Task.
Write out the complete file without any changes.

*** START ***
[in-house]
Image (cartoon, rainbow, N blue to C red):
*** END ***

[in-house]
Image (cartoon, rainbow, N blue to C red):